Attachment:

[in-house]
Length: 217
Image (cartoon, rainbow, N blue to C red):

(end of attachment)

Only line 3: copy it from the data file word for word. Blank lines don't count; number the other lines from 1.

Image (cartoon, rainbow, N blue to C red):